Two forms of heat therapy are available. Superficially applied treatments, such as hot packs, heat the skin and subcutaneous tissues, while deep heating agents such as therapeutic ultrasound (US) may produce temperature elevations of 4–5°C at depths of 8 cm38. However, in a systemic review of the literature, treatment with hot packs did not demonstrate any significant beneficial effect when used to treat OA38.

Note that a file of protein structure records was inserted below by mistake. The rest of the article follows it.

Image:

Although the present study was under powered to definitively prove safety, no adverse events or ill effects were reported in this study. It is interesting to note that regulatory bodies such as Occupational Safety and Health Administration (OSHA) and the International Organization for Standardization (ISO) discuss potential health issues arising from chronic exposure to vibration. Although they do not specifically comment on standards for vibration exposure to the knee, they do provide guidance for hand and wrist, as well as whole body exposure. These standards provide limits and boundaries for vibration exposures over an 8 h per day and provide values of 5 m/s2 for the hand and 9 m/s2 for the entire body. Assuming an amplitude of vibration provided by the Kineticure device on the order of 0.1 mm (which we take as an over estimate), the acceleration provided at the maximum frequency would be approximately 7 m/s2. Given that this value is less than the boundary set for the whole body exposure and that the duration of vibration application is less than 40 min per day (i.e., two 20-min sessions, with ¼ of the time without vibrations), this level of exposure, based on these standards, is markedly less than would be expected to cause any untoward effects, even during chronic daily use over long periods of time.